As is being widely reported just about everywhere, the magically revolutionarily orgasm-inducing iPad has sold 2 million units in the first 60 days. This is a goddamn impressed number, to be sure, but what’s really chapping my ass is how people keep comparing the sales of the iPad to other earlier devices:
For comparison purposes, it took over two years for Apple to sell its first two million iPods, while the original iPhone took on the order of four months to reach the two million milestone.
First: The iPad is brand new and unlike anything that’s ever come before, so how can you compare it?
Second: Of course the iPad is selling more faster than the iPhone or the iPod! The market itself is bigger, the app ecosystem is already built up, and people already love using the iPhone OS. Jesus, all of you idiots blogging about the different speed is like Gruber prattling on about how the iPad is a success because it’s already sold more than the failed Newton: it’s a useless point to draw, and really, all it does is show how little you know about goddamn anything (I’m looking at you, Gruber).
People ceaselessly pointing out how much faster the iPad is selling than the iPhone did is like someone saying that we as a species drink more water than we did 100 years ago: if we weren’t, we’d all be dead from dehydration because of how many more of us there are to drink the water.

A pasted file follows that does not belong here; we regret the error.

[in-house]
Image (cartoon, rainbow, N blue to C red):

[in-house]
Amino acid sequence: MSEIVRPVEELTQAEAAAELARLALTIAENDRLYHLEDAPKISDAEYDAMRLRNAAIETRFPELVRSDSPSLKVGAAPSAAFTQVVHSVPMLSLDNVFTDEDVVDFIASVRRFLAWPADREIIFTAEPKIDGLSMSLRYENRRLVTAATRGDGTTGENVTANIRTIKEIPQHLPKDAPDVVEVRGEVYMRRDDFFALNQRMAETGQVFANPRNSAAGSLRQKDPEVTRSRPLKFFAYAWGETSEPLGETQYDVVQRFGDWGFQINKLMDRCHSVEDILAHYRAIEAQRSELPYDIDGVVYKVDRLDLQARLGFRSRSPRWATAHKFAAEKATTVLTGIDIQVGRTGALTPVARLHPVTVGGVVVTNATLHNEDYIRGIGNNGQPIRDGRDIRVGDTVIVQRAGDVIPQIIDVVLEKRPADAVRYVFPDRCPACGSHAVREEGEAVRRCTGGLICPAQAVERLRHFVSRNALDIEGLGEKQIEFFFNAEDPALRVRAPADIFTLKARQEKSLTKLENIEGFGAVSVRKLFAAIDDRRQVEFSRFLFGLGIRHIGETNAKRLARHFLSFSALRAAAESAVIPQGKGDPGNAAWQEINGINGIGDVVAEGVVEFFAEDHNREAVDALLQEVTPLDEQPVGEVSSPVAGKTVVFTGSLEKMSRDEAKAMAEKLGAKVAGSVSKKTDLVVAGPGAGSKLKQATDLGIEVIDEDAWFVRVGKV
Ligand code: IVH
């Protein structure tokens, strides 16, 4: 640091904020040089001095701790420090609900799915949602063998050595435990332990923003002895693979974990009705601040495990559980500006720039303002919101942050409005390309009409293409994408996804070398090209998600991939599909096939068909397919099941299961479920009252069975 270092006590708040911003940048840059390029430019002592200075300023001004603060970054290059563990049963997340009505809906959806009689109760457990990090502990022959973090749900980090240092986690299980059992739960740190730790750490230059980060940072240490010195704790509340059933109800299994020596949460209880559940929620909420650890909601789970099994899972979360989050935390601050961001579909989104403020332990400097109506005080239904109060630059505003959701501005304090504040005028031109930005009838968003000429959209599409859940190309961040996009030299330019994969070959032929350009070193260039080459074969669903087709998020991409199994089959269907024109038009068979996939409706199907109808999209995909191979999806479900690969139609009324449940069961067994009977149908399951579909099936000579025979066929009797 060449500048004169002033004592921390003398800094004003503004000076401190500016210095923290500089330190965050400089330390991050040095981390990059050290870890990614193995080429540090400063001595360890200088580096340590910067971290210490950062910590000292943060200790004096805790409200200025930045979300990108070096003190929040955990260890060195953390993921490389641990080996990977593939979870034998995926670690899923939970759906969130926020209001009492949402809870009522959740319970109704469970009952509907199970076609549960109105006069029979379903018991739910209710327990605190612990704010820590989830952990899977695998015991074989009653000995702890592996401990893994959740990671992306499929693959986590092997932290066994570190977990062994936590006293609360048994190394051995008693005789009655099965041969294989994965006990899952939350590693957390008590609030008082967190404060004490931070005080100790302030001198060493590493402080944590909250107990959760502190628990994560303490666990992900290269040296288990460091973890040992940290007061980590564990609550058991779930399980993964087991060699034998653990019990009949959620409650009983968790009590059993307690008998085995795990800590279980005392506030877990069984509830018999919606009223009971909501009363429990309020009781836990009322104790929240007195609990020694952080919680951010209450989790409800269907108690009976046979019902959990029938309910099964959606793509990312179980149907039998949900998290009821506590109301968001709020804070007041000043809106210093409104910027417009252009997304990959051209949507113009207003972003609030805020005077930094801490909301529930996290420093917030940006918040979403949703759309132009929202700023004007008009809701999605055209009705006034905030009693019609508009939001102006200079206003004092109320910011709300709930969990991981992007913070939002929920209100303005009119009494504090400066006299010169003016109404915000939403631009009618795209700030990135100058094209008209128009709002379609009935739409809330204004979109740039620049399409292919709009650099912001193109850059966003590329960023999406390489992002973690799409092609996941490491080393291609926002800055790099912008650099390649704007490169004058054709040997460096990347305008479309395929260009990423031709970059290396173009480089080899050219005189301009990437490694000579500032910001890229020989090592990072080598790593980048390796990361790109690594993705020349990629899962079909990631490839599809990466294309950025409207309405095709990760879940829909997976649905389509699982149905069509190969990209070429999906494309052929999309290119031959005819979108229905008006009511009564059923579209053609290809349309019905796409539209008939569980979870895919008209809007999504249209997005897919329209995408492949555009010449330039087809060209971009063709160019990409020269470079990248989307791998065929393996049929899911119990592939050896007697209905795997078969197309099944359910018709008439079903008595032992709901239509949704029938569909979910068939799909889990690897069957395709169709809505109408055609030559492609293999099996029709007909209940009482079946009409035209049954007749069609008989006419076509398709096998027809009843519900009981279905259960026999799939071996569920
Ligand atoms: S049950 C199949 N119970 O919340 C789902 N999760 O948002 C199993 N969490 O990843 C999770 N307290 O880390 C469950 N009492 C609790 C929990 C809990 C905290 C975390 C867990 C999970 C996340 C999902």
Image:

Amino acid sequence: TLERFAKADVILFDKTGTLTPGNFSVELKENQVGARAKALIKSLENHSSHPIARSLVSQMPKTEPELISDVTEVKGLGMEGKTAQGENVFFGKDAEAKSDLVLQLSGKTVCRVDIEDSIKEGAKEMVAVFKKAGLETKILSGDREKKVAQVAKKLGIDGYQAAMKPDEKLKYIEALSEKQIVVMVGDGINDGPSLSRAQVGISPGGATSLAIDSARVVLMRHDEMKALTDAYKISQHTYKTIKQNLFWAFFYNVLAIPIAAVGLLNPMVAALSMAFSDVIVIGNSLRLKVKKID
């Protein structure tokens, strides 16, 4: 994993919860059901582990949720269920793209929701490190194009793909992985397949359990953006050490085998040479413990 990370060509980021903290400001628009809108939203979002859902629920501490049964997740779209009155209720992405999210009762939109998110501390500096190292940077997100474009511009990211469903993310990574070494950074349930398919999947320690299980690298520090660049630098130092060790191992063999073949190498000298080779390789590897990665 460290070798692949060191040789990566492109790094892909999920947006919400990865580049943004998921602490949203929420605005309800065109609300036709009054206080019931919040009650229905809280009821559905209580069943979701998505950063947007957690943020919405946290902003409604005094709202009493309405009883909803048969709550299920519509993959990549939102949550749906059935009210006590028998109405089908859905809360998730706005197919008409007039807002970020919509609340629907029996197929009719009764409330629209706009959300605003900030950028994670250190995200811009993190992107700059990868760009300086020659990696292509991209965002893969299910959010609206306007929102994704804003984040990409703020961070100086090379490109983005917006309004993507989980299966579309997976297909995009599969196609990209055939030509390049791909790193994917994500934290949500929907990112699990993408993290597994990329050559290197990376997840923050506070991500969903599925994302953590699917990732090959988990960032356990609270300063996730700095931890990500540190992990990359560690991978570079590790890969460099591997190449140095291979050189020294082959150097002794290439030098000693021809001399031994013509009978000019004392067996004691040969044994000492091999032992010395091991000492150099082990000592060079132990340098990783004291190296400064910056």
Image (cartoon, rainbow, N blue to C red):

I swear to Jebus, a new video is coming out today.
Engadget reports that the next Apple TV will run the iPhone OS. Why do any of you bastards doubt me?
Am I the only one who doesn’t get what the big deal is with this? It’s a PDF; so? Whoopdedoo!
Listen to me, you catch-phrase humping assholes: this may be a well-done app, but this isn’t anything new. Okay? The PDF spec supports all of these features and has for a while, and also there’s a little thing some of you empty suits-or-trendy-old-style-Converse-shoes bastards might have heard about called HTML.
The Wired app is very pretty, but it could only be considered innovation if you took it in a time machine and dropped it off in 1989.
How else could you explain the rumors that that bald bastard Steve Ballmer might be sharing the stage with my close, personal friend Steve Jobs at the upcoming WWDC?
According to Trip Chowdhry, an analyst with tiny Global Equities Research, 7 minutes of Steve Jobs’ keynote is allotted for Microsoft. Microsoft will reportedly be talking about their development tool Visual Studio 2010. The new version of Visual Studio will reportedly allow developers to write native applications for the iPhone, iPad and Mac OS.
Unless Ballmer’s going to confess that he’s actually been an Apple employee for years, and is reporting in on the progress of his attempt to destroy the competition from the inside — great job, baldy! — then this makes no sense.